Academic journal article Perspectives in Public Health

Sport, Health and Drugs: A Critical Re-Examination of Some Key Issues and Problems

Academic journal article Perspectives in Public Health

Sport, Health and Drugs: A Critical Re-Examination of Some Key Issues and Problems

Article excerpt

Key words

drugs; health; sport; World Anti-Doping Agency

Abstract

One of the major justifications for the ban on the use of performance-enhancing drugs in sport has been that relating to the protection of the health of athletes. This paper subjects this argument to critical analysis by putting it in the context of the broader relationship between sport and health. More particularly, the paper seeks to unravel some of the complexities of this relationship by an examination of: (i) some aspects of sports sponsorship, particularly with alcohol and tobacco companies; (ii) the health risks associated with elite level sport; and (iii) the widespread and legal use within the sporting context of drugs that can have dangerous side effects. The paper concludes with an examination of some aspects of anti-doping policies within sport and it is suggested that a more imaginative approach to athlete education is needed to prevent the misuse of drugs.

INTRODUCTION

As other authors1,2 have noted, one of the major justifications for the ban on the use of performance-enhancing drugs in sport is that relating to the protection of the health of athletes. This is, for example, one of the key arguments against doping that was cited in the Olympic Movement Anti-Doping Code.3 More recently, the World Anti-Doping Agency (WADA) suggests that one reason for the ban on the use of certain drugs is that they represent "an actual or potential health risk to the athlete".4 The argument that performance-enhancing drugs are damaging to the health of athletes has regularly been used by the Sports Council in Britain,5 while the Australian Sports Commission (ASC) has recently reiterated this argument in its claim that the use of prohibited substances or methods is "potentially harmful to the health of athletes".6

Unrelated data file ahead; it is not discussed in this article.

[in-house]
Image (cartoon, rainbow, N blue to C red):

This argument - that doping may damage the health of athletes - has, since the introduction of anti-doping regulations in the 1960s, been consistently cited as one of the most compelling reasons for the ban on the use of performanceenhancing drugs. But how persuasive is such an argument? Do the anti-doping regulations in sport really serve to protect the health of athletes? And is the publicly expressed concern of governing bodies of sport for the health of athletes expressed in other aspects of their policies? The central object of this paper is to subject this argument to critical analysis by locating it in the wider context of the relationship between sport and health. More particularly, we will seek to unravel some of the complexities of this relationship by an examination of: (i) some aspects of sports sponsorship; (ii) the health risks associated with elite level sport; and (iii) the widespread and legal use within the sporting context of drugs that can have dangerous side effects. We conclude the paper with an examination of some aspects of anti-doping policies within sport.

DOPING AS A DANGER TO HEALTH: THE SPORT-HEALTH IDEOLOGY

At the outset we might note that, insofar as the ban on performance-enhancing drugs is based on an expressed desire to prevent athletes from damaging their own health, then it reflects a paternalistic approach to protecting the welfare of athletes. Writing from a legal perspective, O'Leary7 has argued that in terms of traditional jurisprudence, such an approach "is only valid if the effect of the prohibition is to protect those unable to make an informed and rational judgement for themselves or to prevent harm to others". An obvious example of the former would be a ban on the taking of performance-enhancing drugs by children and junior athletes, but O'Leary adds that "the extension of the ban beyond this point is more difficult to justify".

If the concern for health constitutes one of the principal objections to the use of drugs in sport, then we might reasonably expect a similar concern for health to inform other aspects of the organization of sport. …

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